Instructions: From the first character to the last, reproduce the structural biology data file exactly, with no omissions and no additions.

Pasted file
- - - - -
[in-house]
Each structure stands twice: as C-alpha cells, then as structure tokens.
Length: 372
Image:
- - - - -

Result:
[in-house]
Each structure stands twice: as C-alpha cells, then as structure tokens.
Length: 372
Image: